Socially Awkward And Fitting In At Work

By Louise Bauer Davoli

Every organization has one -- that one odd person who tries so hard to fit in and be part of the group. The workplace is a hodgepodge of various personalities and the struggle to fit in nags everyone at some point in life. Most of us assume that the socially awkward coworker can be found in the IT department, but they can be working in any department.

Pinpointing exactly and defining what behavior constitutes being socially awkward in the work setting can vary. Behaviors can be described and range from having the courage to talk to others, knowing what to say when you want to start a conversation with another person, to understanding how to read people. Socially awkward behavior can cost you in the workplace through lost promotions, lost prospects, and ineffective presentations.

Overcoming Social Awkwardness:

-- Smile-- Practice talking-- Eye contact-- Ask questions

Some of us feel sorry for the odd man/woman out but no one is ever quite sorry enough to take this co-worker under his or her wing. We may pity the awkward coworker but few of us take any action to help. We all can remember how it feels to be that insecure adolescent who doesn't fit in with our classmates. We also know that this individual still experiences those same pangs well into adulthood. The problem is that the socially awkward odd man out tries so hard. They go way past the point of obnoxiousness. Their severe social deficiencies make them painful to spend time with and these deficiencies can hold people back in the workplace.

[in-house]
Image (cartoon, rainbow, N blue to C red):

Taking Action:

-- Kindness-- Keep it professional-- Check the pity-- Put them in charge

This topic is not about being the mean girl or putting this person down simply for the fun of it. Working with someone who is socially awkward and who desperately wants acceptance presents its own set of challenges in the workplace. Even if you are generally not exactly the bleeding heart type, you need to still be nice. This co-worker is used to feeling picked on or ignored, so even the minimum amount of kindness will mean plenty to them. It's not hard to be nice, so make an effort.

Keep it professional. One of the pitfalls with being "nice" to someone who is awkward is they are unable to read social cues and may misinterpret your friendliness. You don't be that person who leads them on, even if it's nothing more than a friendship. They deserve better.